1/ Nearly 8 million Americans fell into poverty over the past five months. The poverty rate jumped to 11.7% in November – up 2.4 percentage points since June. The federal poverty line is $26,200 for a family of four. (Washington Post)

  • The Federal Reserve officials expect the U.S. economy to shrink by 2.4% this year and for the GDP to roughly equals that of 2009 — the worst year of the Great Recession. (Politico / Washington Post)

2/ Congressional leaders and the White House are nearing agreement on a roughly $900 billion coronavirus relief deal that would include another round of direct payments. Checks are expected to be in the $600 to $700 range per person – less than the checks of $1,200 per person in the initial round earlier this year. The measure would also contain enhanced federal unemployment insurance, roughly $300 billion in Paycheck Protection Program loans, money for COVID-19 vaccine distribution and testing, and relief for hospitals. The bill, however, is not expected to include any new money for state and local governments. Congress must also pass a new spending bill by midnight Friday to avoid a government shutdown. (Washington Post / NPR / CNBC / Wall Street Journal / NBC News / New York Times)

3/ A Trump administration official repeatedly urged top health officials to adopt a “herd immunity” approach to COVID-19 and encourage millions of Americans to be infected by the virus. “Who cares” if “infants, kids, teens, young people, young adults, middle aged with no conditions” get infected, Paul Alexander, a senior adviser at the Department of Health and Humans Services, wrote in an email to health officials. “We want them infected.” Alexander also argued that colleges should stay open to facilitate the spread of COVID-19, saying “There is no other way, we need to establish herd, and it only comes about allowing the non-high risk groups expose themselves to the virus. PERIOD.” (Politico / Bloomberg / Axios)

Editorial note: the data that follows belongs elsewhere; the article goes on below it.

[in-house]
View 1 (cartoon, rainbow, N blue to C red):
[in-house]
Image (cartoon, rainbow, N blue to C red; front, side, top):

• 😷 Dept. of “We Have It Totally Under Control.”

  • Global: Total confirmed cases: ~73,970,000; deaths: ~1,645,000

  • U.S.: Total confirmed cases: ~16,886,000; deaths: ~307,000

  • Source: Johns Hopkins University

  • Live Blogs: New York Times / Washington Post / CNBC / Wall Street Journal / ABC News / NBC News / CNN

  • The Trump administration is negotiating with Pfizer to secure more coronavirus vaccines this spring, despite the company’s warning that worldwide deals have locked in hundreds of millions of doses through the summer. (Washington Post / Politico)

  • Secretary of State Mike Pompeo canceled his indoor holiday party after being forced him into quarantine because he was exposed to someone who tested positive for coronavirus. The department said Pompeo had tested negative for the virus. (Washington Post / ABC News / Associated Press / CNN / Washington Post)